WASHINGTON, April 29, 2010 - The World Bank’s Board of Executive Directors today approved a Global Environment Facility (GEF) grant for Egypt in the amount of US$ 7.15 million to support the Alexandria Coastal Zone Management Project.
The grant will support the Government of Egypt’s efforts in reconciling economic development with environmental and social sustainability and implementing an integrated approach to coastal zone management, in particular the ongoing preparation of a National Strategy for Integrated Coastal Zone Management (ICZM).
"We are pleased that the GEF grant will support this project which is in line with the Country Assistance Strategy (CAS) for Egypt, namely to ensure environmental sustainability along with economic growth," said A. David Craig, Country Director for Egypt, Yemen and Djibouti.
The objective of the project is to improve institutional mechanisms for the sustainable management of coastal zones in Alexandria, in particular to reduce land-based pollution to the Mediterranean Sea. The project will pilot innovative and low-cost technologies for pollution reduction originating from agricultural drainage water and rural domestic wastewater.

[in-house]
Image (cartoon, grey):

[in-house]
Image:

"The project will reduce the sources of pollution entering the Lake Mariout and subsequently the Mediterranean Sea through pilot pollution reduction measures, and will put in place a participatory mechanism for the integrated and sustainable management of the valuable coastal resources" said Maged Hamed, the World Bank's Task Team Leader of the project.
The Alexandria Coastal Zone Management Project will be implemented as part of the GEF-World Bank-UNEP Strategic Partnership for the Mediterranean Sea Large Marine Ecosystem (LME), which will support capital investments, economic instruments, implementation of policy reforms, and strengthening of public institutions and public participation.
The project complements other ongoing projects financed by the Bank including the Second Egypt Pollution Abatement Project (EPAP II)[i], which aims at the reduction of industrial pollution in two hot spots, namely Alexandria (primarily Lake Mariout) and Greater Cairo. In addition, the project builds on the experience gained from the Integrated Sewerage and Sanitation Infrastructure Project (ISSIP), implemented in the fields of sewerage treatment, water quality monitoring, and social participation.